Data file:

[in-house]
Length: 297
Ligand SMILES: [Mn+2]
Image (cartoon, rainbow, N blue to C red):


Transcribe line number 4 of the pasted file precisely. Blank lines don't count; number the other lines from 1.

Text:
Image (cartoon, rainbow, N blue to C red):